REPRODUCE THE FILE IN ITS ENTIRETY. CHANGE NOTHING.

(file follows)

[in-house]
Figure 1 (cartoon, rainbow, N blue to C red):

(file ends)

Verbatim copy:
[in-house]
Figure 1 (cartoon, rainbow, N blue to C red):